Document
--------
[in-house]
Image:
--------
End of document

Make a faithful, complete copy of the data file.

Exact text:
[in-house]
Image: